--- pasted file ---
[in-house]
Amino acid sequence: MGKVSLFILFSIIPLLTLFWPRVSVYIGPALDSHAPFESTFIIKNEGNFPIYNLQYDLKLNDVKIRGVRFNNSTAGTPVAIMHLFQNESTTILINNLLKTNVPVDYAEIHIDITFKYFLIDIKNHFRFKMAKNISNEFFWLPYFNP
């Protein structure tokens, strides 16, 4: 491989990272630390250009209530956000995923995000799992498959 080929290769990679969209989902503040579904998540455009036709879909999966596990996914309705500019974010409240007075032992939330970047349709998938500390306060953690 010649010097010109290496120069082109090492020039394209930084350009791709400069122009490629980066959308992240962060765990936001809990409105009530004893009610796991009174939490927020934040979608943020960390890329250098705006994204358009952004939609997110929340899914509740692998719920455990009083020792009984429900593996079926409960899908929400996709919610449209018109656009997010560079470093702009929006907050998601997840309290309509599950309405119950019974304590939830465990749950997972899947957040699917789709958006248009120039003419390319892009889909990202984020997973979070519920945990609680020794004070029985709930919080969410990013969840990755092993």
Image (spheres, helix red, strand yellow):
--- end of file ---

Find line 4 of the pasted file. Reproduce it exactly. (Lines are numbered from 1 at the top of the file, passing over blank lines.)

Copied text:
Image (spheres, helix red, strand yellow):